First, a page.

CUMMING — A longtime Forsyth County resident has returned home after retiring from a distinguished career as a chaplain in the U.S. Army.
Lt. Col Randal Robison’s official retirement ceremony was held last month at Dwight D. Eisenhower Army Medical Center in Fort Gordon.
Robison, a Texas native whose 27-year career took him across the country and to Iraq, Afghanistan, Kuwait and Korea, said he was thankful for his time serving the spiritual needs of soldiers.
“One of the definite highlights were the baptisms that occurred during war time, where we had people making decisions for their lives in a time where there is a lot of uncertainty,” Robison said.
“The other thing too is an opportunity to provide ministries to soldiers and their families. There were a lot of hurting areas.”
During a 2004 deployment to Iraq, his baptismal duties increased the longer they were there.
“When we first got there, I think within the first three months, we had one, then we had two … toward the end, I think it was something like 19 soldiers that went through baptism,” Robison said. “We seemed to have more toward the second half of the deployment.
“I think that had to do with a number of them losing friends, and it gave them a chance start looking at their own lives.”
As part of his duties, Robison also oversaw military funerals, including those at the nation’s most renowned military cemetery.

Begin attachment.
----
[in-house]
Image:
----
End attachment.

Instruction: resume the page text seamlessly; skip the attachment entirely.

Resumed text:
“I was able to serve at Arlington National Cemetery while I was in Washington, D.C.,” he said. “That was a very strong honor to be there at Arlington National Cemetery for those military funerals, to be a part of that.”
According to Robison, the roots of his career took hold while working at a homeless shelter following graduation from Stephen F. Austin State University in Nacogdoches, Texas.
“While I was there, I definitely was always in prayer for the next directions and guidance that the Lord would have,” Robison said. “… I actually enlisted to go in as a chaplain’s assistant, as a young private back in 1989, and I immediately felt a real connection to the military, to the chaplain corps as a whole.”
After his first enlistment, Robison attended Western Baptist Theological Seminary in Fort Worth, Texas, and stayed in the reserves as a chaplain candidate before being selected as a full-time chaplain in 1997.
Robison and his wife, Claudia, have four children. In 2004, when he was scheduled for transfer from South Carolina to Korea, the couple decided to buy a home in Forsyth Country to be closer to family.
Robison said the birth of their second son, who was diagnosed with Down syndrome, also factored in their decision.
“Of course here in Forsyth County, there is an excellent, excellent school district … especially around the special needs program,” he said. “So I’ve kind of kept my family in one place as I was the one to go to different locations for deployments and such, and part of that allowed for stability of [my son’s] education.”
He said the attention his son received and the support the school system provided the family influenced his plans for retirement.
“I am looking to begin Brenau University in May of this year with a master of arts in teaching degree program focusing on special needs education,” Robison said.